Wacky Weather - 04/14/14

  It may be baseball season, but I sure didn't expect this curveball.  If you planted your flowers or vegetables this weekend, you were with the crowd.   Our Home Depot even ran out of pine straw.  The 80 degree days certainly got us all in the mood for a little weed pulling and color infusion. 

  Now, news of temps, that my flowers and yours, won't like!  The National Weather Service even says we have the potential to set a record.   The lowest temp on record for April 16th (tomorrow, also tax day) is 28 degrees.  That was set back in 1988.  Our projected low?  29 degrees.

   If you were out there diggin' in the dirt yesterday... don't beat yourself up.  Every grower's guide I've looked at today says we're safe to start planting after April 6 in the Nashville area.  Heck, I would have started on April 7 if it wasn't still so cold.

   Just out of curiosity, I took a deeper look at the NWS data for April.  Most of the records dealt with tornadoes and high winds.   There were some records set for cold weather, but thank goodness.. these are rare folks. 

   The only record more astonishing than the one we could break this week was a rare freeze and snowfall on April 25, 1910.  This is the latest date on record for measurable snowfall.   Talk about extremes: on April 26, 1989 Music City set a record high at 91 degrees.  The heat I can take... the cold I can't. 

   So, what to do now?  Some horticulturalists recommend bed sheets to cover your new plants.  You can even use burlap or newspaper.   One site suggested cutting the bottoms off milk, juice or soda jugs and placing it over the baby plants.  It acts as a mini greenhouse.   While these are all great ideas,  the practicality at our house is just not there.  The fact is we did some serious planting this weekend.  There's a lot of territory to cover and I just don't think I have enough sheets to go around.  I could get my kids out of bed when I get home and steal their sheets.  They have sleeping bags, but I don't think that would go over so well.  I read my newspapers online so newspaper's not an option.  Our milk and juice cartons are full.  We just went to the store.  And finally, I'll be tired by 11:00pm tonight and probably won't feel like fumbling around in the cold and dark.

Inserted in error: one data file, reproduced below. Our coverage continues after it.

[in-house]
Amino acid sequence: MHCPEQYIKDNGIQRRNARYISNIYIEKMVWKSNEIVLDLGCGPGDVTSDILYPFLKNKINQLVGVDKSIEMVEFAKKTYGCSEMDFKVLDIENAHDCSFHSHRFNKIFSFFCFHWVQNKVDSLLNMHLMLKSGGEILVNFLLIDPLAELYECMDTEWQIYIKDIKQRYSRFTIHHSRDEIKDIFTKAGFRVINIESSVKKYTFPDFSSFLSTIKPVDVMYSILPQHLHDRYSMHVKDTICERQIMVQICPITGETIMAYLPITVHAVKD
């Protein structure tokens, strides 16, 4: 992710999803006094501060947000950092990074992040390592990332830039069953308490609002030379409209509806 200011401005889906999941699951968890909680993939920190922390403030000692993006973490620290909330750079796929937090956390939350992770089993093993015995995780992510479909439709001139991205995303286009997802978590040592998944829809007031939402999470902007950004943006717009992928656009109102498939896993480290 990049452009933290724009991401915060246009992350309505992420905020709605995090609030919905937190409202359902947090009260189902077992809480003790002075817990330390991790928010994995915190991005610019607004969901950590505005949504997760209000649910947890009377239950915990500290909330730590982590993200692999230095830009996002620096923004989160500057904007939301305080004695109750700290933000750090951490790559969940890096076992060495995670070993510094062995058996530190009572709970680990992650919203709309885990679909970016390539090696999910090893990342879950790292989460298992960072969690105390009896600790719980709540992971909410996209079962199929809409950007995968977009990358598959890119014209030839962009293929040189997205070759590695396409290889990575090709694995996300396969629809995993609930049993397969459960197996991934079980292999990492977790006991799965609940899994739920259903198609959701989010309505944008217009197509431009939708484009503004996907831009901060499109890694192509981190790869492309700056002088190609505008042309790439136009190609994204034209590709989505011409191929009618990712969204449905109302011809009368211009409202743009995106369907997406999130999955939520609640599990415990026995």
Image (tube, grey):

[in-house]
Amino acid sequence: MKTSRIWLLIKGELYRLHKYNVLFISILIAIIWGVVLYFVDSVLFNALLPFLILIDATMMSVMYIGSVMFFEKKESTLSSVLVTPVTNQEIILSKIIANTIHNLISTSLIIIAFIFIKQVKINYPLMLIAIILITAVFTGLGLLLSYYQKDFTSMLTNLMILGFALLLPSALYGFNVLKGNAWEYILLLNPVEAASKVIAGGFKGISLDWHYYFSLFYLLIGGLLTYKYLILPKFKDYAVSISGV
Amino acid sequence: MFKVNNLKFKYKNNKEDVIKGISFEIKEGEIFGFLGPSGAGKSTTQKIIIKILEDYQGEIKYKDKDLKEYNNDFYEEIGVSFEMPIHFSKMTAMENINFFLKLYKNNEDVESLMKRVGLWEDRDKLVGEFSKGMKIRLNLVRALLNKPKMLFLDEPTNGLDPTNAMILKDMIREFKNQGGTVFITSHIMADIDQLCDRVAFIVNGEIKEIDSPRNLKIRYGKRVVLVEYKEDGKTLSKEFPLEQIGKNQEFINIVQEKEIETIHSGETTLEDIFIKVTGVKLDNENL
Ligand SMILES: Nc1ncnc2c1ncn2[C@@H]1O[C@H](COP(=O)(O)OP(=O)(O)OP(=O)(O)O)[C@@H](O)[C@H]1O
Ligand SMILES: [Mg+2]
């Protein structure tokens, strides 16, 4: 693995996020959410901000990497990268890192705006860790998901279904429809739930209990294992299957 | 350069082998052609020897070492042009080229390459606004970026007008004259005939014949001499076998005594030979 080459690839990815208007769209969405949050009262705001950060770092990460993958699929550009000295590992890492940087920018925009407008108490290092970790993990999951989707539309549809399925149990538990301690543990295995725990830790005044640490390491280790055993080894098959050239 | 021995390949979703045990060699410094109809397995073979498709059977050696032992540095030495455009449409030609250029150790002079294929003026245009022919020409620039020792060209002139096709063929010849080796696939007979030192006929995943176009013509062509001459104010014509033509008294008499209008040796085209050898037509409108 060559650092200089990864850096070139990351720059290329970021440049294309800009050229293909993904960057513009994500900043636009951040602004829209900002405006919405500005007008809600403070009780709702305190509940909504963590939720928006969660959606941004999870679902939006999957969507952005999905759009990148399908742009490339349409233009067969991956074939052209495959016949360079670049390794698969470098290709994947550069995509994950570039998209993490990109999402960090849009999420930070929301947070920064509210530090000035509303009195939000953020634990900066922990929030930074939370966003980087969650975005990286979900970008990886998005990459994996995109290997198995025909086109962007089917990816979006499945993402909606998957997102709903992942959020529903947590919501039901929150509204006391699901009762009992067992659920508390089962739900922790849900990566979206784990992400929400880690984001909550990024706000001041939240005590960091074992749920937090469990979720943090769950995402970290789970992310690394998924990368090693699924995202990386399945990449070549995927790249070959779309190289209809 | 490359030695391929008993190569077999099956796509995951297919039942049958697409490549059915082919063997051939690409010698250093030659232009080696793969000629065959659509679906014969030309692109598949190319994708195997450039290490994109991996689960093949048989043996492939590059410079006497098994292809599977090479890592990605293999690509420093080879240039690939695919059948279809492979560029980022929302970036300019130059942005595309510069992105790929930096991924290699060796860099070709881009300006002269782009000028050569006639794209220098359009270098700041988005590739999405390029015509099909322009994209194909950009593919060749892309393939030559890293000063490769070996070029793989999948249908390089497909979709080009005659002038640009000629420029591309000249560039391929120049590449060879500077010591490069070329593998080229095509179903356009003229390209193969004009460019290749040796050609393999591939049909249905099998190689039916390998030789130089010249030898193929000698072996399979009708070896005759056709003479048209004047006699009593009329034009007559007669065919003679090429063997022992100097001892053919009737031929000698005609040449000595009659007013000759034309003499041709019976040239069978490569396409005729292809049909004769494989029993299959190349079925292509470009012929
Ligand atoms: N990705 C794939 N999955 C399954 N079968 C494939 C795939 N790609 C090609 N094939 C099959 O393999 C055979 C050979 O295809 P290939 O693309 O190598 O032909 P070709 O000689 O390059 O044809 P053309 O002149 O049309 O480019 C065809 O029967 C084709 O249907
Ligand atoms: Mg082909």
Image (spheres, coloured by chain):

So, here goes nothing.  I'm going to let go of the controls and let nature take its course.  I'm anticipating the most beautiful, bountiful garden ever --- when summer finally gets here.  Who's with me?  








































































x17.com/news/features/top-stories/stories/gas-prices-spike-due-supply-demand-20798.shtml



Prices at the pump have matched their high of last July.The national average for a gallon of regular gasoline has risen for the 20th straight day, according to Triple AAA. They does not expect the trend to stop based on lower supplies and rising demand.A gallon of regular gasoline is averaging 6 cents more than last at $3.64. Tennessee jumped 7 cents, averaging $3.48. A year ago, Tennessee averaged $3.34/gallon.CLICK HERE to check gas prices in your area on the FOX 17 Fuel Gauge.